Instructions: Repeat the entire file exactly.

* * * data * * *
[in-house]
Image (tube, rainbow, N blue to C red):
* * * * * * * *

[in-house]
Image (tube, rainbow, N blue to C red):